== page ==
“The notion of transdisciplinarity exemplifies one of the historically important driving forces in the area of interdisciplinarity, namely, the idea of the desirability of the integration of knowledge into some meaningful whole. The best example, perhaps, of the drive to transdisciplinarity might be the early discussions of general systems theory when it was being held forward as a grand synthesis of knowledge. Marxism, structuralism, and feminist theory are sometimes cited as examples of a transdisciplinary approach. Essentially, this kind of interdisciplinarity represents the impetus to integrate knowledge, and, hence, is often characterized by a denigration and repudiation of the disciplines and disciplinary work as essentially fragmented and incomplete.
If we now look at these rough and ready distinctions through the lenses of the three conceptual strands noted above, some interesting results emerge. First, consider the theoretical-practical wisdom distinction. Strictly disciplinary activities tend primarily to be concerned with theoretical understanding, while multidisciplinary activities, and perhaps even some interdisciplinary projects, are more concerned with practical results. Transdisciplinary activities, to be sure, tend toward addressing questions of theoretical understanding, especially those of the unity of knowledge, but the distinction between theoretical concerns and practical questions in interdisciplinary work seems worth making.” (Petrie 1992, pp. 299-333; in Evans 2014).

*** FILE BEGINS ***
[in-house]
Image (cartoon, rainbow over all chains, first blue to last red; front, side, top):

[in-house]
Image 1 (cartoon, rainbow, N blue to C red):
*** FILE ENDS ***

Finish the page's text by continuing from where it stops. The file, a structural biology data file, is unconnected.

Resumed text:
This systemic transdisciplinary approach, synthesis, and plurealist way to address urgent global societal matters, are tied to the environment, the sphere of politics, the economy, and social matters of just and fair redistribution. It intersects or supports Mokiy's (2020) perspective on 'system transdiciplinarity as a metadiscipline'; with an inherent metanarrative, metatheory, and/or metamodel.